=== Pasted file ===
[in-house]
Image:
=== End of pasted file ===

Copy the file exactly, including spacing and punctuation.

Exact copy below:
[in-house]
Image: